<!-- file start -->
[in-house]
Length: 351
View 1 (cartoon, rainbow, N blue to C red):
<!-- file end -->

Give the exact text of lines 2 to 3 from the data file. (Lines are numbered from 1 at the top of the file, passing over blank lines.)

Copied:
Length: 351
View 1 (cartoon, rainbow, N blue to C red):